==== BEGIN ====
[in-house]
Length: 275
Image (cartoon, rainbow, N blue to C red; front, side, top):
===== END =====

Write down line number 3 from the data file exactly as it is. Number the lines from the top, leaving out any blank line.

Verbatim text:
Image (cartoon, rainbow, N blue to C red; front, side, top):